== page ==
FOX NOTES.    . .

- IBNS Grading Standards


Grading is the most controversial component of paper money collecting today. Small differences in grade can mean significant differences in value. The process of grading is so subjective and dependant on external influences such as lighting, that even a very experienced individual may well grade the same note differently on separate occasions,

To facilitate communication between sellers and buyers, it is essential that grading terms and their meanings be standardized and as widely used as possible. This standardization should reflect common usage as much as practicable. One difficulty with grading is that even the actual grades themselves are not used every place and by everyone. For example, in Europe the grade About Uncirculated (AU) is not in general use, yet in North America it is widespread. The European term GoodVF may roughly correspond to what individuals in North America would call EF

The grades and definitions as set forth below cannot reconcile all the various systems and grading terminology variants. Rather, the attempt is made here to try and diminish the controversy with some common sense grades and definitions that aim to give more precise meaning to the grading language of paper money.
How to look at a Bank note

In order to ascertain the grade of a note, it is essential to examine it out of a holder and under a good light. Move the note around so that the light bounces off at different angles. Try holding it up obliquely so that the note is almost even with your eye as you look up at the light. Hard-to-see folds or slight creases will show up under such examination. Some individuals also lightly feel along the surface of the note to detect creasing.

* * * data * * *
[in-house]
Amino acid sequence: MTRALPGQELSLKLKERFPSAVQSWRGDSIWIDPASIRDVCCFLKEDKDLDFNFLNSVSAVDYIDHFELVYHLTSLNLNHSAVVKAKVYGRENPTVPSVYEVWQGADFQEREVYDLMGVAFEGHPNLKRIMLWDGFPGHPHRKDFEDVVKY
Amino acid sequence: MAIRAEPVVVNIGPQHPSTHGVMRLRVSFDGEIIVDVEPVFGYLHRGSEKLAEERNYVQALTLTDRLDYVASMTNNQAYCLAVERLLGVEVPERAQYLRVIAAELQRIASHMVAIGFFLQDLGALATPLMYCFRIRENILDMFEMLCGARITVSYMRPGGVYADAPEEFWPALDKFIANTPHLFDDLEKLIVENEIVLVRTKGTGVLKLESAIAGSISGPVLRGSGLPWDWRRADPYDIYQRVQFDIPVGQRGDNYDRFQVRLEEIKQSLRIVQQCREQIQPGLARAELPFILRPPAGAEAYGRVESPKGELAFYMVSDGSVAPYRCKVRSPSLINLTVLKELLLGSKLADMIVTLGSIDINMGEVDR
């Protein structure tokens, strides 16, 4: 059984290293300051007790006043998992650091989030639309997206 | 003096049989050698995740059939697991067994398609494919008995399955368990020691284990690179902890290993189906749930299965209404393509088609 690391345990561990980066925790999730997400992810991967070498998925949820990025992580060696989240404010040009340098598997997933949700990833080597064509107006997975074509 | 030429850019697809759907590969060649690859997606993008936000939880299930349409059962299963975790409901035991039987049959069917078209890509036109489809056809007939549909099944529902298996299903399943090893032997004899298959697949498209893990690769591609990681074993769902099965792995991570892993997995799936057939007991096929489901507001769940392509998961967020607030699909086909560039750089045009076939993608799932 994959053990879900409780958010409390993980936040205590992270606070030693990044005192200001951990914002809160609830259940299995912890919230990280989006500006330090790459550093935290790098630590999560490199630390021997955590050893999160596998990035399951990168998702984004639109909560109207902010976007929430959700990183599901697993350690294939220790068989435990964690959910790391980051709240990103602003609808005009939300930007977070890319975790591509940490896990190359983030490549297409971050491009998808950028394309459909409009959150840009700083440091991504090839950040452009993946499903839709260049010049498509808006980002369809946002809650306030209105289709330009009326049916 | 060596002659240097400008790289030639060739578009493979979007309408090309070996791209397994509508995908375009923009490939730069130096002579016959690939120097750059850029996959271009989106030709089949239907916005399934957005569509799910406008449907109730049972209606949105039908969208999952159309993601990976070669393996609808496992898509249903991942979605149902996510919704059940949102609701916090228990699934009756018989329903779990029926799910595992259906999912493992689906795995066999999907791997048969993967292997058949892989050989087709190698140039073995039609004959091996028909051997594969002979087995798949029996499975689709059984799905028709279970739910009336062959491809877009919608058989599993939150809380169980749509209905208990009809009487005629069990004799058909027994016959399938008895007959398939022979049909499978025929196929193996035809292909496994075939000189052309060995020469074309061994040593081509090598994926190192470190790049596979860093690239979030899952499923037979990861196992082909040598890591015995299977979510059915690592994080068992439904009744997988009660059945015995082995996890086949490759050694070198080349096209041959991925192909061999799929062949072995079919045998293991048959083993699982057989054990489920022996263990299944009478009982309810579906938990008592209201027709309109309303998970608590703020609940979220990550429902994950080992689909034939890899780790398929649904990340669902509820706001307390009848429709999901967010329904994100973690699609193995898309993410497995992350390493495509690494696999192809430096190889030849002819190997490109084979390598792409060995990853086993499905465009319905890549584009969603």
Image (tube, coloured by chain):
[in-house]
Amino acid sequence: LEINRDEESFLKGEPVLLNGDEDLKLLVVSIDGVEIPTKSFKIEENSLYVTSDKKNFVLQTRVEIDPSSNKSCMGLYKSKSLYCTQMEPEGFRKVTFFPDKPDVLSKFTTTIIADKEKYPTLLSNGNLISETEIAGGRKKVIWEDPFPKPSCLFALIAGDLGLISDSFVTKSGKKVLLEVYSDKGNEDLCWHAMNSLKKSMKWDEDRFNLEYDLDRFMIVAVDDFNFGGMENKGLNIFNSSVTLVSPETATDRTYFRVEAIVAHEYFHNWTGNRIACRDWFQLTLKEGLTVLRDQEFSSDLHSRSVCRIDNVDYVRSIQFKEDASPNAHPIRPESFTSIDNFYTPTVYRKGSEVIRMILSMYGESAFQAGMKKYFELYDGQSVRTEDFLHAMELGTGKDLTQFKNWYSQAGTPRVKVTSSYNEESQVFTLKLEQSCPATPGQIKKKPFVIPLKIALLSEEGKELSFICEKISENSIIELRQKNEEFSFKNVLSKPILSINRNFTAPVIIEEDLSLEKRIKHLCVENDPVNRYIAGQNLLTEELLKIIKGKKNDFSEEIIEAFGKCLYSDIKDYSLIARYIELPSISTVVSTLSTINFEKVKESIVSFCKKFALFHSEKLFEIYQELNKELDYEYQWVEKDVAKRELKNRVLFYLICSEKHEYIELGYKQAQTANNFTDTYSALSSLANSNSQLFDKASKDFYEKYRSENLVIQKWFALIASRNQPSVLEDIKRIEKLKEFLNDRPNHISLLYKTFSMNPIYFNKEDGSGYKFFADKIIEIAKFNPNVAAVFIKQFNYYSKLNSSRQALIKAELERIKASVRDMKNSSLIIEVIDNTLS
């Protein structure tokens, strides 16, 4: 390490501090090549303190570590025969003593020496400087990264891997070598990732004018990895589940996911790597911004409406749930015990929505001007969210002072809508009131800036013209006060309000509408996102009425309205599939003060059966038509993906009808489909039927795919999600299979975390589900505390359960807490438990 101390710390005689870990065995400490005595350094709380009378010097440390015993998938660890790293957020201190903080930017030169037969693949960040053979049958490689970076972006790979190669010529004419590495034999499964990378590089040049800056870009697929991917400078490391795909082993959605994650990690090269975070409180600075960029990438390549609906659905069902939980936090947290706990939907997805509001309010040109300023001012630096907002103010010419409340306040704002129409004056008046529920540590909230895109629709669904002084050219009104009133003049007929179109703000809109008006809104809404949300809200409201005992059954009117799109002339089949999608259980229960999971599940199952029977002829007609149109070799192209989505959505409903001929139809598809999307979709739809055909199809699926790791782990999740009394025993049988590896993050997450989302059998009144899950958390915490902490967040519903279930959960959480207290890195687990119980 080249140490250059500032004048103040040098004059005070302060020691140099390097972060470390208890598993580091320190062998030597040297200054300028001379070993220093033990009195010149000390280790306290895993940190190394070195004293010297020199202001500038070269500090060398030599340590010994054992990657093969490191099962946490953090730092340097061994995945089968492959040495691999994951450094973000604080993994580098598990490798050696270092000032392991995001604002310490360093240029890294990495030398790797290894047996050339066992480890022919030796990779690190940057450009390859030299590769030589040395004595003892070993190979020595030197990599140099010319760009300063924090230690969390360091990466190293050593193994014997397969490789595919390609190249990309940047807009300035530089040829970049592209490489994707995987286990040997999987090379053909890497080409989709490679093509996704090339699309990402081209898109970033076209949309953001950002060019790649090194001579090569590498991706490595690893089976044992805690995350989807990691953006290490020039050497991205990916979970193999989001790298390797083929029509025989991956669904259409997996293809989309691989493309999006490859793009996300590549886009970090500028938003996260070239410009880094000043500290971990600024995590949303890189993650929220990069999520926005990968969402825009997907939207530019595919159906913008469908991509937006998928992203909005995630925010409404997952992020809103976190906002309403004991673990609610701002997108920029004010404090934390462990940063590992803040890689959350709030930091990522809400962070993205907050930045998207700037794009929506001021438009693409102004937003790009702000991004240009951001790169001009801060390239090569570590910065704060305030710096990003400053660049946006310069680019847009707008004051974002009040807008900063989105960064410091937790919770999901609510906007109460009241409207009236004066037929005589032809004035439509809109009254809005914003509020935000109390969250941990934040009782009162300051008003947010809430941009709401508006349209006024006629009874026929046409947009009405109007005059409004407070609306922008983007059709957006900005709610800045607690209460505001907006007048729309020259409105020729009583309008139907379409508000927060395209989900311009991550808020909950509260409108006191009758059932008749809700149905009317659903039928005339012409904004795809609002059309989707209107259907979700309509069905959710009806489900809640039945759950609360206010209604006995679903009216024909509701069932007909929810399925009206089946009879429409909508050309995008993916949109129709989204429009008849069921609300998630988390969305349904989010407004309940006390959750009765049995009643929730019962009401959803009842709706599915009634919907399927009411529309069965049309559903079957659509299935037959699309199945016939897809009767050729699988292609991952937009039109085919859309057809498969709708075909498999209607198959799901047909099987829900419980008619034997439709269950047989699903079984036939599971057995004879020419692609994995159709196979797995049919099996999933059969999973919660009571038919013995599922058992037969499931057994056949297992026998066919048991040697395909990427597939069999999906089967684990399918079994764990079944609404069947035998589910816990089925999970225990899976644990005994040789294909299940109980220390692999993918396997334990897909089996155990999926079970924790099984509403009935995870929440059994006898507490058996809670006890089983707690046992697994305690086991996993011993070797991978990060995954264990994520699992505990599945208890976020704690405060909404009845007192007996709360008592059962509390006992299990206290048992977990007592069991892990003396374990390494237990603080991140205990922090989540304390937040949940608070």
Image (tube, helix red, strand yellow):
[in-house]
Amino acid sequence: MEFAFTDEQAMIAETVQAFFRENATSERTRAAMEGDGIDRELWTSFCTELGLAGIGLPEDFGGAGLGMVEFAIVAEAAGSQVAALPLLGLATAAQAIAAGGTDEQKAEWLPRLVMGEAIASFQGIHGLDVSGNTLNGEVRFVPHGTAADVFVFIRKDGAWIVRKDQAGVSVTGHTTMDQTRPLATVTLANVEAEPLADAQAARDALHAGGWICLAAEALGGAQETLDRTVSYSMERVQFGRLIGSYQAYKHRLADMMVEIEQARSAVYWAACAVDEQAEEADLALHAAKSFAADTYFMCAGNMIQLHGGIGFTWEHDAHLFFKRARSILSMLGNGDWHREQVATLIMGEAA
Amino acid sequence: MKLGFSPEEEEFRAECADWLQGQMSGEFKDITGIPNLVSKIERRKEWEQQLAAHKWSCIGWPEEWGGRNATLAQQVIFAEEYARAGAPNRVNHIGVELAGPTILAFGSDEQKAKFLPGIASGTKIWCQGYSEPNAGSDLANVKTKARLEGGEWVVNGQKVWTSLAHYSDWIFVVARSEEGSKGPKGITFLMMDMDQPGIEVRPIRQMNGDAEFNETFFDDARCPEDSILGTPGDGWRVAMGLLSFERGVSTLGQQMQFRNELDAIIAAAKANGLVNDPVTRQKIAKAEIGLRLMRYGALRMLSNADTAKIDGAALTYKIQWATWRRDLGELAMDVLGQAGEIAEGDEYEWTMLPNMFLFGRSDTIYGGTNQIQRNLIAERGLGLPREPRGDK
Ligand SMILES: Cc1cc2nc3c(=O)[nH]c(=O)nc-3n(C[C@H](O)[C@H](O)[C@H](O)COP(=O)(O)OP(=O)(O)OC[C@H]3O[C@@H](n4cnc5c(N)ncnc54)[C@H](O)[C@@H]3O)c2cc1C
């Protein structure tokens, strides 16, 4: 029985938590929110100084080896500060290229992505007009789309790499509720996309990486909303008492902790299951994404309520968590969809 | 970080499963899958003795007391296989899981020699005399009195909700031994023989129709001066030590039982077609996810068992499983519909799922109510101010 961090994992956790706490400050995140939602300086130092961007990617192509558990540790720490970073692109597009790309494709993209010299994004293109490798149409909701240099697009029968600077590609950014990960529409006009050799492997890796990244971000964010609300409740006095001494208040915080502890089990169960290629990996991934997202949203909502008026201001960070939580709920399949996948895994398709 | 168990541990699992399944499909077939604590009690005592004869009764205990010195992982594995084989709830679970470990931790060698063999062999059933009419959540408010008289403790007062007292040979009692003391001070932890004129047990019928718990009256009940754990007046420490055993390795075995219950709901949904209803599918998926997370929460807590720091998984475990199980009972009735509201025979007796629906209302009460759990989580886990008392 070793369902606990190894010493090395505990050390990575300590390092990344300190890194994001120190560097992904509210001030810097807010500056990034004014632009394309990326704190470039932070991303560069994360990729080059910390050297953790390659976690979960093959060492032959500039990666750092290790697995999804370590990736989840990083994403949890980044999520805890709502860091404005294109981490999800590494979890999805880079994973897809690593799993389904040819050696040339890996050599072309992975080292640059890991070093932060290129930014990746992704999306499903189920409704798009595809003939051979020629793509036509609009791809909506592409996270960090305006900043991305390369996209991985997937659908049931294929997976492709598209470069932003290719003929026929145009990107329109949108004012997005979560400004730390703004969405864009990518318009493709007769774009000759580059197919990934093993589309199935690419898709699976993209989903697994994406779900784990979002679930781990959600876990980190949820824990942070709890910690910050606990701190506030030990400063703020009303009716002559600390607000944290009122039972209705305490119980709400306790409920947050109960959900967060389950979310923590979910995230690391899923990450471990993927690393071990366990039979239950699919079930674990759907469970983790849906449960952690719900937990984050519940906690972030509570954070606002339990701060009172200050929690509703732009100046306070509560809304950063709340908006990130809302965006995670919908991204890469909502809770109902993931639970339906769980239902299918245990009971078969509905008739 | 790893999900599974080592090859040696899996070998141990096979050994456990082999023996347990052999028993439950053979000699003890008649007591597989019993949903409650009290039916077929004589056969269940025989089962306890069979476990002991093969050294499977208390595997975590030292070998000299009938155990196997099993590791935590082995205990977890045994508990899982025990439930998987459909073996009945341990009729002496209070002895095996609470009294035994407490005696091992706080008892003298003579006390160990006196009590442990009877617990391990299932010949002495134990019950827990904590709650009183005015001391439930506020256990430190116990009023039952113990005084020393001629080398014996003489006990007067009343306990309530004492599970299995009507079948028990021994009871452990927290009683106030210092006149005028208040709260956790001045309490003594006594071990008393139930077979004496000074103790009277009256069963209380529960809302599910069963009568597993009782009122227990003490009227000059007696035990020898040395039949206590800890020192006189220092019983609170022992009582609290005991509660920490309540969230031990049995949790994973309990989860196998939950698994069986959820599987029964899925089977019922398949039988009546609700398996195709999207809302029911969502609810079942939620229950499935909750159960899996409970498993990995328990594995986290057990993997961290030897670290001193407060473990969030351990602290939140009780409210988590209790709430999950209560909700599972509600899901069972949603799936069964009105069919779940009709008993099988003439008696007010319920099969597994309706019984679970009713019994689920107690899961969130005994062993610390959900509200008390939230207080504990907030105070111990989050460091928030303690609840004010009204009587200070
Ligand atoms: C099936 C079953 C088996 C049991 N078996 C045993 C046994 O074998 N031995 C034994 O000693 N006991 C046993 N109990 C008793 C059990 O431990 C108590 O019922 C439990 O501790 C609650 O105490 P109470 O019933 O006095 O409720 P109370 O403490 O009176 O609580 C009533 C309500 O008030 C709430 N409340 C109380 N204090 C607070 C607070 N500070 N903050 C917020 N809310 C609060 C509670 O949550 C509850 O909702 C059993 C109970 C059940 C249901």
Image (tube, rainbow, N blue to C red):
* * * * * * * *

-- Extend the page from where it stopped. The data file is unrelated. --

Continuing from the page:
Cleaning, Washing, Pressing of Bank notes

Cleaning, washing or pressing paper money is generally harmful and reduces both the grade and the value of a note. At the very least, a washed or pressed note may lose its original sheen and its surface may become lifeless and dull. The defects a note had, such as folds and creases, may not necessarily be completely eliminated and their telltale marks can be detected under a good light. Carelessly washed notes may have white streaks where the folds or creases were (or still are).
Processing of a note which started out as Extremely Fine will automatically reduce it at least one full grade.

Glue, tape, or pencil marks may sometimes be successfully removed. While such removal will have a cleaned surface, it will improve the overall appearance of the note without concealing any of its defects. Under such circumstances, the grade of the note may also be improved.

The words pinholes, staple holes, trimmed, writing on face, tape marks, etc. should always be added to the description of a note. It is realized that certain countries routinely staple their notes together in groups before issue. In such cases, the description can include a comment such as usual staple holes or something similar. After all, not everyone knows that such-and-such a note cannot be found otherwise.

The major point of this section is that one cannot lower the overall grade of a note with defects simply because of the defects. The price will reflect the lowered worth of a defective note, but the description must always include the specific defects.
The Term Uncirculated

The word Uncirculated: is used in this grading guide only as a qualitative measurement of the appearance of a note. It has nothing at all to do with whether or not an issuer has actually released the note to circulation. Thus the term About Uncirculated is justified and acceptable because so many notes that have never seen hand-to-hand use have been mishandled so that they are available in, at best, AU condition. Either a note is uncirculated in condition or it not; there can be no degree of uncirculated. Highlights or defects in color, centering and the like may be included in the description but the fact that a note is or is not in uncirculated condition should not be a disputable point